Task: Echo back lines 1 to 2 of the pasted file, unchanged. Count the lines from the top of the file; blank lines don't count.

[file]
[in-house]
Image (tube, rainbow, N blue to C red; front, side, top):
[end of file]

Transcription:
[in-house]
Image (tube, rainbow, N blue to C red; front, side, top):